Russell evidently regarded this painting highly, as it is one of only a small number he chose to exhibit publicly during his lifetime. He entered it into the 1905 Salon d’Automne, the newly-established annual exhibition held at the Grand Palais in Paris, which displayed the most progressive contemporary art, and the label attached to its frame is evidence that it was accepted and catalogued as number 1388. The 1905 Salon d’Automne is particularly significant as the occasion on which the term ‘Fauvist’ was coined in response to the ‘wild dashes of colour’ in the new paintings of Henri Matisse, André Derain and Maurice de Vlaminck. It is apposite that Russell was represented in this salon given the role he had played in the dramatic transformation of Matisse’s approach to colour and indeed, given his own reputation as one of the most daring and talented colourists of his day. The young Frenchman spent three months on Belle-Île in 1896, fortuitously meeting Russell who subsequently introduced him to Monet’s techniques and to the work of van Gogh, gifting him one of the pen and ink drawings the Dutchman had sent him from Arles some years earlier. This encounter contributed to the development of what his biographer, Hilary Spurling, described as ‘a way of seeing: the first inklings of the pursuit of colour for its own sake that would draw in the end on his deepest emotional and imaginative resources.’13


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Catalogue for the 1905 exhibition
of the Salon d' Automne 
at the
Grand Palais Des Champs Elysees,
Paris, France
Smithsonian Institution, Washington DC

In more recent years Cruach en Mahr, Matin, Belle-Île-en-Mer has been included in several important exhibitions: Belle-Île: Monet, Russell & Matisse in Brittany at the Art Gallery of New South Wales in 2001; the John Russell retrospective, Art Gallery of New South Wales, 2018 and the 2016 – 17 exhibition, Australia’s Impressionists, at the National Gallery, London. The first ever exhibition in the United Kingdom to focus on the art of Australia’s Impressionists, this show was part of the National Gallery’s expanded mission to collect, display and study the work of artists working within the tradition of European representational painting but further afield, away from the places usually acknowledged as the centres of artistic production.14 

Elaborating on the significance of Cruach en Mahr, Matin, Belle-Île-en-Mer within Russell’s oeuvre and its importance in the exhibition, the Director of the National Gallery, Dr Gabriele Finaldi wrote, ‘This unconventional view of the coastline of Port Goulphar not yet fully illuminated by the rising sun suggests the lessons Russell absorbed from painting en plein air alongside Claude Monet, and the indefatigable interest Russell developed for capturing the varying effects of light and weather on the rugged landscape of his adopted home of Belle-Île. In its complex layering of intense, contrasting colour, veiled with the dominant key of electric blue, we see Russell in full force as a colourist, exploring the dense chromatic modulations of shadow.’15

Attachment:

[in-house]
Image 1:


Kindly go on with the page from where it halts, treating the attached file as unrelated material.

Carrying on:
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Belle-Île-en-Mer, Le Port de Goulphar
with Russell’s house ‘Le Chateau Anglais’ prominent above the cliff, c.1909

Russell played a crucial role in the exhibition and indeed, an entire section of the display was dedicated to his art. Shown alongside Tom Roberts, Arthur Streeton and Charles Conder, Russell’s significant place among the very best of Australia’s artists working in the late nineteenth and early twentieth centuries was made clear, as was his utterly unique role as a vital and direct link between Australian art and French Impressionism and Post-Impressionism. 

Alongside these national and international exhibitions of Russell’s work, institutional acquisitions have taken place as galleries and museums strive to ensure their collections represent the best of his painting. The offering of this painting represents an increasingly rare opportunity to acquire a major painting by John Russell. 

1. Although Russell did not see van Gogh again after he departed for Arles in the south of France in early 1888, their friendship continued via correspondence. See Galbally, A., A Remarkable Friendship: Vincent van Gogh and John Peter Russell, The Miegunyah Press, Carlton, 2008
2. Taylor, E., ‘John Russell and friends: Roberts, Monet, van Gogh, Matisse, Rodin’, Australian Impressionists in France, National Gallery of Victoria, Melbourne, 2013, p. 56
3. ibid., p. 60
4. Prunster, U., ‘Painting Belle-Île’, in Prunster, U., et al., Belle-Île: Monet, Russell and Matisse, exhibition catalogue, Art Gallery of New South Wales, Sydney, 2001, p. 31
5. Galbally, A., ‘Mer Sauvage’, in Prunster, U., ibid., p. 14
6. Galbally, 2001, op. cit., p. 13
7. Prunster, ‘Painting Belle-Île’, op. cit., p. 19 
8. ibid., p. 29
9. ibid.
10. Russell to Tom Roberts, 5 October 1887, cited in Tunnicliffe, W., (ed.), John Russell: Australia’s French Impressionist, Art Gallery of New South Wales, Sydney, 2018, p. 193
11. Galbally, 2001, op cit., p. 15
12. Russell to Auguste Rodin, April-May 1890, cited in Prunster, ‘Painting Belle-Île’, op. cit., p. 46
13. Spurling, H., The Unknown Matisse: A Life of Henri Matisse, Volume One: 1869-1908, Hamish Hamilton, London, 1998, p. 144, cited in Taylor, op. cit., p. 65
14. See Riopelle, C., ‘Australia’s Impressionists in a World Context’ in Australia’s Impressionists, National Gallery Company, London, 2016, pp. 14 – 16
15. Dr Gabriel Finaldi to the vendor, 16 June 2016

KIRSTY GRANT